Today during my lunch break I drove over to see Silas, as I do for every lunch break now that I'm back to work. He's being taken care of by Smiley's grandmother, who lives just minutes away from where I work. It is one of the things that allows me to go back to work without having a breakdown.
When I got to her apartment complex, I noticed something. Mainly, every single parking spot was taken. This is not a typical problem. Every day up until now, the parking lot had been more than half empty (and I'm not just being a pessimist)!
For whatever reason, it was full. Overflowing. There were three other cars circling the lot, waiting for a spot. Two of them seemed to be following the same woman to her car. Both were disappointed when the lady kept walking, straight out of the parking lot.
I knew my best bet was to follow her lead, and look for alternative parking. After all, every minute I idled my car was another minute I wasted gas - and missed out on seeing my son, of course! So I turned around in the parking lot and hit the streets, looking for a place to park.
Time was, you used to pass your driver's license test by parallel parking. Not in my time. I can count the number of times I've actually parallel parked in my life. Pulling up to a curb with plenty of space does not count.
I found an open spot on the street along the building. There was a brief moment of hesitation - if I went over one more street, I could most likely pull up to the curb and not have to maneuver my car into a parallel park.
But that would be another street over and even further away from Silas. I guess it's true, that our kids can help bring out the best in us. I steeled my grip on the rust bucket I like to call the Sebring, and pulled into the spot. Even this hardly counted though; I was only pulling in and adjusting behind a car. The space behind me was still empty. I threw the car into park and ran to visit with Silas for a half hour.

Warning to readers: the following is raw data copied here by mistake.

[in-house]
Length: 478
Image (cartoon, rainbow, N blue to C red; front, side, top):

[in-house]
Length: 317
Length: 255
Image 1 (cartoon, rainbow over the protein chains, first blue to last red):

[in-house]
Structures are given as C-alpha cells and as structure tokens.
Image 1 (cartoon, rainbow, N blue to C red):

Upon my return to the great outdoors, my worst nightmare had occurred - someone had pulled into the spot behind me. I was officially about to un-parallel park.
I don't know if they teach a better way to do this, but did I mention I was in the Sebring? This car has a turning radius of a large van or small bus. I walked around to the back of the car to visually assess the space. My heart was pounding as visions of crumpled bumpers danced into my likely future. I got inside the car and turned it on, closing my eyes in the closest thing to a prayer. Oh so slowly, I angled my wheels and backed up.
As the tense moments went by, I noticed a pattern - I wasn't hitting the curb or the other car! I was doing it! I was getting out of the spot! I backed up a few more inches, although the rearview mirror made me feel as though I was lurching back yards at a time. And then I cut my wheel all the way over and slowly started pulling forward.
Can I just say that the Sebring's idea of a turning radius is nonexistent? I nearly hit the car in front of me, but the important part is that I didn't. And with that, I was out of the spot, freed from one of my best instances of parallel parking ever. I really wish I had taken a picture to prove just how legit this parking job was today.
Maybe next time.